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How to choose plastics for your products?

  • Author:admin001
  • Release on:2019-05-04

This is the most common packaging material and, at the same time, one of the most difficult to dispose of. The factors common to all plastics are that they are light, strong cheap to manufacture.

It is for these reasons that they are used so much, as an alternative to cardboard glass packaging materials.

Plastics can be used as single materials or in combination. Their properties vary considerably but usually include:

• Lightweight
• Easily mouldable into almost limitless shapes
• Can produce rigid containers or flexible films
• Can be impact resistant
• Directly decorated or labelled
• Heat sealable

The relative disadvantages of plastics are typically polymer specific and the correct choice of polymer can to a practical degree mitigate the weakness.  Factors to consider are:

• No plastic provides absolute gas and moisture barrier
• Plastics melt at temperatures ranging from 650°C to 2,300°C
• Chemical resistance varies
• Additives in plastics can contaminate some products.

So, how do you choose plastic? Here are some ideas for you.

• Polyethylene (PE)

1.Low Density (LDPE): used for flexible tubes, film and some bottles. It has a low melting point and as a film relatively poor oxygen and moisture barrier.

2.High Density (HDPE): widely used for bottles and tubs. Higher melting point but not ovenable. Reasonably wide chemical resistance which can be enhanced by fluorination. Not a sufficient gas barrier for carbonated drinks.

3.Linear Low Density (LLDPE) Predominantly used as a film or as a sealing layer on multi-laminate materials for bottle seals, sachets, pouches, bags. Available in expanded form for wads.

• Polypropylene (PP)
Widely used for closures for its ability to form a hinge which resists cracking and splitting.  Also used for dispensers, actuators, bottles, jars, cartons, trays and as film on its own or within laminations e.g. crisp bags or pouches. Available in expanded form for tubs and trays.
Typically has higher melting point than PE so although still not “ovenable” it is better suited to hot fill products.  Resistant to a relatively wide range of chemicals.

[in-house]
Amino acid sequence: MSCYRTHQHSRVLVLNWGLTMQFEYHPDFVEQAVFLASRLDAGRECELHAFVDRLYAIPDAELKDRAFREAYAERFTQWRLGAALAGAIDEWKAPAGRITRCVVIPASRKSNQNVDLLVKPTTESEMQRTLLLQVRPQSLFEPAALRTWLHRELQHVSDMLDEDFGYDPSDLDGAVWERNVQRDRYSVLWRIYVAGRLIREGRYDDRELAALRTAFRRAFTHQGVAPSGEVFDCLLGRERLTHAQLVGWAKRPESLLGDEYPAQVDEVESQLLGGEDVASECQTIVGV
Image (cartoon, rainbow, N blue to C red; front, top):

• Polyethylene terephthalate (PET)
Widely used for stretch blown bottles containing drinks, toiletries and food, it has excellent clarity. Also used for jars, tubes and trays. By far the best gas and moisture barrier of any packaging plastic used for containers it is ideal for carbonated beverages.  Its heat resistance makes it suitable for ovenable trays for ready meals.

• Polyvinyl chloride (PVC)
Not widely used even though only has a third of its content is derived from oil. It still has a strong presence in vacuum formings used for inserts, clam packs and blister packs, due to its good production line performance. PVC films have excellent stretch and cling properties for hand wrapping fresh produce.

• Polyvinylidene chloride (PVDC)
While normally only used in multi-layer films, PVDC has exceptional moisture and gas barrier properties.  Many pharmaceutical products could not be packed in blister strips without using PVDC as a layer in the blister film.

• Polystyrene (PS)
Mainly seen in its expanded form as protective mouldings for fragile products. Also available as moulded toiletries/cosmetics containers (compacts), some bottles, jars and cups.  It has good chemical resistance and excellent clarity although it can be coloured.

As shown above,Only by fully understanding the raw materials can we better choose plastics for our products in the future.And Which plastic is more suitable for our hot products? Such as bat mat,napkin holder,ice bucket or serving tray?

HAHA,For more information ,to be continued next time.